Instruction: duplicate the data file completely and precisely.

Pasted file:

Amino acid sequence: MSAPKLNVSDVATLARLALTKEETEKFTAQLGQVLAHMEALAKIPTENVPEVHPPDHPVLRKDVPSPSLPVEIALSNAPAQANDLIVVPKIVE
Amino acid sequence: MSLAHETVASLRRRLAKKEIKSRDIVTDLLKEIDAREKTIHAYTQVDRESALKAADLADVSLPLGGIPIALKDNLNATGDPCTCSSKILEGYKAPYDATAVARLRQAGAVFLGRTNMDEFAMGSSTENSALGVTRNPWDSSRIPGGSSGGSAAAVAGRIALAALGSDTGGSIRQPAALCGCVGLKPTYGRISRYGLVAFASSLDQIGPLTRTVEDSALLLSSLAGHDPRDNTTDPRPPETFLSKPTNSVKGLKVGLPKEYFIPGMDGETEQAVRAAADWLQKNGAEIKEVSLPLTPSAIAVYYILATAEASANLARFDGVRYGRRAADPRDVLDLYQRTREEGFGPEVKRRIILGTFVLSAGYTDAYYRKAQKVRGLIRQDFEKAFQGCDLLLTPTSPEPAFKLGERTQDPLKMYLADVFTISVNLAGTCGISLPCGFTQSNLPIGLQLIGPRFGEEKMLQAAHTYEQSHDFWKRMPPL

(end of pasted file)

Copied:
Amino acid sequence: MSAPKLNVSDVATLARLALTKEETEKFTAQLGQVLAHMEALAKIPTENVPEVHPPDHPVLRKDVPSPSLPVEIALSNAPAQANDLIVVPKIVE
Amino acid sequence: MSLAHETVASLRRRLAKKEIKSRDIVTDLLKEIDAREKTIHAYTQVDRESALKAADLADVSLPLGGIPIALKDNLNATGDPCTCSSKILEGYKAPYDATAVARLRQAGAVFLGRTNMDEFAMGSSTENSALGVTRNPWDSSRIPGGSSGGSAAAVAGRIALAALGSDTGGSIRQPAALCGCVGLKPTYGRISRYGLVAFASSLDQIGPLTRTVEDSALLLSSLAGHDPRDNTTDPRPPETFLSKPTNSVKGLKVGLPKEYFIPGMDGETEQAVRAAADWLQKNGAEIKEVSLPLTPSAIAVYYILATAEASANLARFDGVRYGRRAADPRDVLDLYQRTREEGFGPEVKRRIILGTFVLSAGYTDAYYRKAQKVRGLIRQDFEKAFQGCDLLLTPTSPEPAFKLGERTQDPLKMYLADVFTISVNLAGTCGISLPCGFTQSNLPIGLQLIGPRFGEEKMLQAAHTYEQSHDFWKRMPPL